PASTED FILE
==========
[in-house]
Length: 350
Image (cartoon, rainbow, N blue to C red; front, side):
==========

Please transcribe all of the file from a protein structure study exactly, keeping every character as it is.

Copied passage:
[in-house]
Length: 350
Image (cartoon, rainbow, N blue to C red; front, side):